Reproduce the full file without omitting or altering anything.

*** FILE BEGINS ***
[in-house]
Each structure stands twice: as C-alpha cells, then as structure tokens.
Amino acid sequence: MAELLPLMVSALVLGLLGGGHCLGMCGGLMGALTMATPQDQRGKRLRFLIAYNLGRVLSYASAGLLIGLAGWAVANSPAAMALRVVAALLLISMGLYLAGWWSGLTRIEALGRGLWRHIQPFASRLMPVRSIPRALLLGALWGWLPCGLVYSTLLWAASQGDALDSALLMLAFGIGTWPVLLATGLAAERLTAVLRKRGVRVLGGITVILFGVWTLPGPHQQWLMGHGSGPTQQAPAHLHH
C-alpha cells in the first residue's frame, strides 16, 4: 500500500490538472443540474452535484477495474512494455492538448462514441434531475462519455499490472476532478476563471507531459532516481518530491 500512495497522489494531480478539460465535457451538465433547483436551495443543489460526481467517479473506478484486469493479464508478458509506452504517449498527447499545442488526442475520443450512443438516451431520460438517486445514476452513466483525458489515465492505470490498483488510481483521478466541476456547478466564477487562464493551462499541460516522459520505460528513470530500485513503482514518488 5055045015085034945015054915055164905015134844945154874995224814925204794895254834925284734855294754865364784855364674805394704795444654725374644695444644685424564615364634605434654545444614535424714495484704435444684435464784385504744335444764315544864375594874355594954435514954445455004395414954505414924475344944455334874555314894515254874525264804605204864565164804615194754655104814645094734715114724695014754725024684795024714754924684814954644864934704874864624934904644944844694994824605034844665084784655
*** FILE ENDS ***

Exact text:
[in-house]
Each structure stands twice: as C-alpha cells, then as structure tokens.
Amino acid sequence: MAELLPLMVSALVLGLLGGGHCLGMCGGLMGALTMATPQDQRGKRLRFLIAYNLGRVLSYASAGLLIGLAGWAVANSPAAMALRVVAALLLISMGLYLAGWWSGLTRIEALGRGLWRHIQPFASRLMPVRSIPRALLLGALWGWLPCGLVYSTLLWAASQGDALDSALLMLAFGIGTWPVLLATGLAAERLTAVLRKRGVRVLGGITVILFGVWTLPGPHQQWLMGHGSGPTQQAPAHLHH
C-alpha cells in the first residue's frame, strides 16, 4: 500500500490538472443540474452535484477495474512494455492538448462514441434531475462519455499490472476532478476563471507531459532516481518530491 500512495497522489494531480478539460465535457451538465433547483436551495443543489460526481467517479473506478484486469493479464508478458509506452504517449498527447499545442488526442475520443450512443438516451431520460438517486445514476452513466483525458489515465492505470490498483488510481483521478466541476456547478466564477487562464493551462499541460516522459520505460528513470530500485513503482514518488 5055045015085034945015054915055164905015134844945154874995224814925204794895254834925284734855294754865364784855364674805394704795444654725374644695444644685424564615364634605434654545444614535424714495484704435444684435464784385504744335444764315544864375594874355594954435514954445455004395414954505414924475344944455334874555314894515254874525264804605204864565164804615194754655104814645094734715114724695014754725024684795024714754924684814954644864934704874864624934904644944844694994824605034844665084784655